Document Type : Review Article


1 Department of Applied Chemistry and Chemical Engineering, Bangabandhu Sheikh Mujibur Rahman Science and Technology University, Gopalganj, Bangladesh

2 Department of Advanced Functional Materials, Technical University of Chemnitz, Germany


Fossil fuels are used increasingly day by day everywhere on the globe and related to environmental issues like the environmental problems and heating. During this time, attempts are made to seek out sustainable different energy source which is affiliated with fossil material. The foremost important fossil material is plant biomass, especially wood, of the premise of cellulose percentage. However, those materials constituent of lignin have a content of 18-30%. Lignin is mainly used for fuel and has many valuable applications like, nanoparticles synthesis, polycarboxylic acid, supercapacitor electrode, photocatalyst, photovoltaic, etc. Recently, researchers highlighted more sustainable bioenergy production technologies. This review paper focused on different categories application of lignin within the industrial sector which could be a totally sustainable energy conversion.

Graphical Abstract

A Brief Review on Applications of Lignin


Main Subjects

  1. Introduction

Lignin consists of methoxylates of phenylpropane units and derivatives, a three-dimensional amorphous polymer. In the development of bio-renovation materials, lignin is a natural amorphous polymer that has a great potential as a building block. It accounts for approximately 15–35% by weight for lignocellulosic biomass and can help in the production of fuels and chemicals as a significant renewable resource [1-4]. Large amounts of lignin are currently produced and processed in the pulp, paper, and lignin volumes with the continued development of biorefineries are anticipated to increase substantially. There are millions of tons of lignin from the paper industry and a limited quantity of lignin extracted annually through the direct mining of lignin from plants [5]. Several excellent review papers have documented and summarized various lignin converting attempts, including gasification, pyrolysis, and selective depolymerization [6-15]. Lignin constitutes a significant biomass component, along with cellulose and hemicellulose, providing 40% of the total energy for lignocellulosic biomass [16]. In a bio-refinery, the lignin processing is still a difficult task, partly because of structural change during pretreatment with biomass [17-22]. There is general further formation of new C-C connections, causing problems to depolymerize and use the resulting lignin [23]. The use of industrial lignin is still very limited, leading to waste of resource and pollution [24].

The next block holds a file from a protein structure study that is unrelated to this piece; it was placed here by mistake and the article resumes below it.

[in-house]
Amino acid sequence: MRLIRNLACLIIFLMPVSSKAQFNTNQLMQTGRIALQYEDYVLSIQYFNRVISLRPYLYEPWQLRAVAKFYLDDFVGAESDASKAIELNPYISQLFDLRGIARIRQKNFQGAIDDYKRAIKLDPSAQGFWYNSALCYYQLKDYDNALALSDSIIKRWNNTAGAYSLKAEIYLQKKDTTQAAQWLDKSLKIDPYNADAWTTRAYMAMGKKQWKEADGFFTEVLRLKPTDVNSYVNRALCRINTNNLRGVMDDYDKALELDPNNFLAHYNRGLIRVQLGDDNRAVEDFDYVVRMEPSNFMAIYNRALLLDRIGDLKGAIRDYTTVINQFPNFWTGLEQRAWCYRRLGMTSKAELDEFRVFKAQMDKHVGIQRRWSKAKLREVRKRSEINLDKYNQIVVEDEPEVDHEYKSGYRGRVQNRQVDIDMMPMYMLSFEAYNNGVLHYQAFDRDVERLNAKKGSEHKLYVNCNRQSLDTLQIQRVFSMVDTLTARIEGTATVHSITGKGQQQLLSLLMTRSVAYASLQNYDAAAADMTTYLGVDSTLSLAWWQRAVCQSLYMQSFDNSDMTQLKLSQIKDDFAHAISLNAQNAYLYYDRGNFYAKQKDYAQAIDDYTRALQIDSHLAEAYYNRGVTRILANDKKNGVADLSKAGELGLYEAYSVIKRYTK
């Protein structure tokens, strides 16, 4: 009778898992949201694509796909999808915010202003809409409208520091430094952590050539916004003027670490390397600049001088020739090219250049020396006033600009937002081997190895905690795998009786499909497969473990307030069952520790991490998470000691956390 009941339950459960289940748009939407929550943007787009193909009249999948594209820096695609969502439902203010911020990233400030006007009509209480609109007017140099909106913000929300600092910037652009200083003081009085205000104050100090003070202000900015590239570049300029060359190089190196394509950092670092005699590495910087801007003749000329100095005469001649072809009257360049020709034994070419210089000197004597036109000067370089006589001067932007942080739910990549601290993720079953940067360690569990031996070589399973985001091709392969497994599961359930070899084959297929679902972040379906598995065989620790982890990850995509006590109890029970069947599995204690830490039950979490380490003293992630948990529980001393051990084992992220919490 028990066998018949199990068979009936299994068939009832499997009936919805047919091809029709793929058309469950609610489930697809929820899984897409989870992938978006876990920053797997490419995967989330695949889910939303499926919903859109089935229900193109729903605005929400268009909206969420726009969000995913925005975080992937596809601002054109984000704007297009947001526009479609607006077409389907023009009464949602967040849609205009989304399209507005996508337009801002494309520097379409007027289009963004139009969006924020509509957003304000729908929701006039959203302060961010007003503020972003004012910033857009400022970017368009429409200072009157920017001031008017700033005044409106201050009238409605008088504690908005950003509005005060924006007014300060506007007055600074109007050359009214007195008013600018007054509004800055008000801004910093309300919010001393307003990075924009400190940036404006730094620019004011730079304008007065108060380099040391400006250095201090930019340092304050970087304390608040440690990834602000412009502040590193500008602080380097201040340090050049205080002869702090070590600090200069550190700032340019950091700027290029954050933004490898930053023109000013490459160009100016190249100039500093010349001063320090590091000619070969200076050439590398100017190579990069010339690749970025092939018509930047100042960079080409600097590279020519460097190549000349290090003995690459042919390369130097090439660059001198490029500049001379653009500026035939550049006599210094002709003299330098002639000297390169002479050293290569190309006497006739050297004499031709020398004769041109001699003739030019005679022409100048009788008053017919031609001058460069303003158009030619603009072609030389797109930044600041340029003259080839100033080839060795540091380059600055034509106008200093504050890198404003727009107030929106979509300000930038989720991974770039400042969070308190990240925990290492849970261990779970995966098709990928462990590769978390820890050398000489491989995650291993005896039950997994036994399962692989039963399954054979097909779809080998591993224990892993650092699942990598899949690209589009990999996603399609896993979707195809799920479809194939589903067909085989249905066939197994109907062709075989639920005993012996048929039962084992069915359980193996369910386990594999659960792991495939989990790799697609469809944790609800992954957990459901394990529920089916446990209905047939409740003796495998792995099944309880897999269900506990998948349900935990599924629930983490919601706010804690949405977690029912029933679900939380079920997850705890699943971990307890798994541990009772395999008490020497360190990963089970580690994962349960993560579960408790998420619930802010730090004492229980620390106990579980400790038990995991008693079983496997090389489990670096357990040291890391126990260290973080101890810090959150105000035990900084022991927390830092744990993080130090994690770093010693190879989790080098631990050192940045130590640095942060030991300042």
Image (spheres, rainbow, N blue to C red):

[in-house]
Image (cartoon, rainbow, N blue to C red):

In recent paper industry and as a feedstock for bio-ethanol production cellulose and other carbohydrates from plant biomass are used sccessfully. Just 2% of lignin produced as a by-product of the pulp and fuel ethanol production is used commercially of 50 million tons of lignin produced by the pulp and paper industry in 2010 [25]. In the bio-refinery configuration, all of the components extracted from the processing complex are utilized in the most efficient manner. Lignin utilization is therefore a worldwide bio-economic activity in the manufacture of value-added goods. The amorphous lignin biopolymer primarily consists of three major monolignols: p-coumaryl (P), coniferyl (C), and sinapyl (S) spirits with a varying ratio of ether and carbonic bonds [26]. Lignin that was obtained from plant biomass is distinct from natural lignin as by-products. The aromatic structure of lignin’s and the existence of large amounts (phenolic, aliphatic and carboxylic) of OH groups, makes it possible to alter technical lignin’s by reacting to the epichlorohydrin reaction of OH groups [27].